Supervisor: MER Elena Cogato Lanza, Lab-U
Co-supervisor: Prof. Emeritus Luca Ortelli, LCC
Start date: September 2019 Defense date (expected): September 2023
Grant: Swiss Government Excellence Scholarship for PhD, The Federal Commission for Scholarships for Foreign Students (FCS), 2019-2022
This research concerns the United States-guided transnational discourse and activity on postwar workers’ housing programs and settlements of the Mediterranean countries which participated in the Marshall Plan (France, Italy, Greece, Turkey). Officially operated between 1948 and 1952 as part of the postwar foreign policy of the US yet continued through the activity of multilateral institutions in the following decades of the Cold War, the plan actively engaged in postwar industrial development, labour affairs and workers’ housing, and participating countries encountered similar transformations on their socio-spatial fabric due to the financial and technical assistance programs of the US and related multilateral organizations.
The thesis argues that architecture and urbanism of housing as well as housing production faced a paradigmatic shift in this period by the know-how exchange through transnational expertise on industrial development and labour affairs as well as on housing development, design and construction in the participating countries. In this respect, the thesis argues that this transnational expertise guided local agendas on workers’ housing, and workers’ housing programs of these countries had common schemata in terms of policies and governance, planning and land use strategies, population and ownership patterns, settlement morphologies and architectural typologies as well as roles of policymaker, planner, architect and labour community in self-help housing development.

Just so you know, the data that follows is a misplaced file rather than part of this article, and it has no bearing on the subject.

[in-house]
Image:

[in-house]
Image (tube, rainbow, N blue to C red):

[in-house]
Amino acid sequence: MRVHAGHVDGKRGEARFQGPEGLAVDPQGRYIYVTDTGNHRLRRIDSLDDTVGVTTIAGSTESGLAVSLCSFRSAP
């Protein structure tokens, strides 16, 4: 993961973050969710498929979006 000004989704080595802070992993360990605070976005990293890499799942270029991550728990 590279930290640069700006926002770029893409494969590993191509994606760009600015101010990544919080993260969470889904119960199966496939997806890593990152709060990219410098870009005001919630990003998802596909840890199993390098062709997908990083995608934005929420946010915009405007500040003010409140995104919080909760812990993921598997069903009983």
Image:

Within this scope, the research aims to question the role of the Marshall Plan and forms of transnational expertise in the programming of workers’ housing production in relation to postwar development discourse and labour affairs, to understand the role of workers’ housing in building postwar welfare states and guiding informal manners of urban sprawl in response to industrial development and to reveal the socio-spatial norms of workers’ housing programs shifting the interwar practice of urban planning and architecture on workers’ housing.
The methodology is a cross-analysis and cross-comparison between transnational and local discourses and practices concerning workers’ housing. On one hand, discursive analysis focuses on the activity of transnational organisations on industrial development, labour affairs and workers’ housing in relation to the activity of local institutions and actors on workers’ housing programs of these countries. On the other hand, spatial analysis compares case studies of workers’ housing settlements built by the United States as part of the Marshall Plan and by the local labour as part of postwar housing programs in city-regions of France, Italy, Greece and Turkey, which were formed or further developed to industrialize and populate rural areas. The discursive data mainly relies on archival sources whereas spatial data combines archival sources with cross-analytical and cross-comparative schemata.
Key words: Marshall Plan, postwar development, industrial urbanization, workers’ housing, self-help housing